Govt mulls more SA medical schools, including private institutions

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The establishment of three new medical schools, including a private one, is under consideration, said Higher Education Minister Blade Nzimande, but the final decision lay with the Health department.

Nzimande broke his silence over over allegations that a syndicate were selling admission places at the University of KwaZulu-Natal’s Medicine School, says a Sunday Tribune report. Nzimande speaking out for the first time, said the department took the allegations seriously and commended the Hawks and the university for working together to “rid the higher education system of this scourge”. “The few bad apples who are engaging in this criminal activity of selling and buying study places must stand warned that serious action will be taken against them without mercy,” Nzimande said.

Nzimande said in the report that medicine studies were currently available at nine institutions in South Africa and said there were proposals to add more. He said allowing private institutions to offer medicine studies was under consideration. However, Nzimande said the decision to establish new medical schools lay with the Minister of Health Minister Aaron Motsoaledi, and not his department,

“Currently, three new medical schools are being considered. The idea of setting up private medical schools as a solution to the need to expand the provision of the MBChB degree is but one option open for consideration. However, this needs to be considered in the context of the broader needs of society, the role of the private sector in education and balancing all of these with what would be commercial interests in private higher education institutions,” he said.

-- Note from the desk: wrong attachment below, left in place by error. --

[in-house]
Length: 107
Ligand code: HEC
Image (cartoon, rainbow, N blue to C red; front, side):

He acknowledged that there was high demand for medicine studies. “There is a high demand for spaces in medical schools for the Bachelor of Medicine and Bachelor of Surgery (MBChB). DHET is working with the national Department of Health through the Joint Health Sciences Education Committee (JHSEC) to plan for the expansion of medical education, including the establishment of new faculties to offer the MBChB,” Nzimande said.

Nzimande said in the report that the long term solution was to increase capacity for the universities to produce doctors. He said this would require an expansion of the system “to enable the intake to double its current size” which would require investment in both infrastructure and staffing. “Most significantly, it also requires the expansion of the clinical training platforms to cope with the increased volumes,” he said.

“Medical schools are very expensive to establish and operate, and the accreditation processes are arduous. One of the biggest limiting factors that contribute to the expense of medical schools is the low staff to student ratio requirement of the Health Professionals Council of SA (HPCSA),” the minister is quoted in the report as saying.

Sunday Tribune report

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